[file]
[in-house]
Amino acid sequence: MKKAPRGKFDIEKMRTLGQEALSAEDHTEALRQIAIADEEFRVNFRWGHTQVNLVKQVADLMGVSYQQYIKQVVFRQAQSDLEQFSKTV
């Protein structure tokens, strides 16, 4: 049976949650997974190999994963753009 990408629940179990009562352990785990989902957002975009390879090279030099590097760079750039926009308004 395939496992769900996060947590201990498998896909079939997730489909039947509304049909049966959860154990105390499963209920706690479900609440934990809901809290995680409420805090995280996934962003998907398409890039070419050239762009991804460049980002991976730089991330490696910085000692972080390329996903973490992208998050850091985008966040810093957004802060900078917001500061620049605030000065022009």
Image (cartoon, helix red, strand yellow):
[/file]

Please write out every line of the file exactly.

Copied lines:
[in-house]
Amino acid sequence: MKKAPRGKFDIEKMRTLGQEALSAEDHTEALRQIAIADEEFRVNFRWGHTQVNLVKQVADLMGVSYQQYIKQVVFRQAQSDLEQFSKTV
């Protein structure tokens, strides 16, 4: 049976949650997974190999994963753009 990408629940179990009562352990785990989902957002975009390879090279030099590097760079750039926009308004 395939496992769900996060947590201990498998896909079939997730489909039947509304049909049966959860154990105390499963209920706690479900609440934990809901809290995680409420805090995280996934962003998907398409890039070419050239762009991804460049980002991976730089991330490696910085000692972080390329996903973490992208998050850091985008966040810093957004802060900078917001500061620049605030000065022009």
Image (cartoon, helix red, strand yellow):